The Theocritus Cup

Ornate cup with intricate stem.

Silver gilt, John Flaxman (1755-1826) / Paul Storr (1771-1844)

This design is taken from the description of a drinking cup by the Greek poet, Theocritus (c300 - 260 BC) in his First Idyll. On one side is a maiden with two youths competing for her favour. The other side shows a fisherman and a boy seated on a wall, unaware of the two foxes stealing their food and grapes. Designs inspired by ancient Greek or Roman literature were often used to decorate objects in the Neo-Classical style.

On the base is an inscription:

"the Mayor, Alderman, Bailiffs and Common Council of the Borough and Corporation of Liverpool to Thomas Earle."

It is dated 1811 and is embellished with the arms of the Town of Liverpool and those of Thomas Earle (1754 - 1822).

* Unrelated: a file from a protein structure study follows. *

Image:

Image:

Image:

The designer, Flaxman, was one of the greatest Neo-Classical sculptors of his day, but was also particularly noted for his illustrations. He worked for Wedgwood from about 1775, producing wax reliefs for his Jasperware.

Paul Storr was one of the outstanding silver manufacturers of his age. He was apprenticed to the Swedish silversmith Andrew Fogelberg, before becoming a partner in the firm of Rundell and Bridge, the Royal silversmiths.